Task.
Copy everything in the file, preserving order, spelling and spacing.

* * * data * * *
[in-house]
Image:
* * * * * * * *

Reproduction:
[in-house]
Image: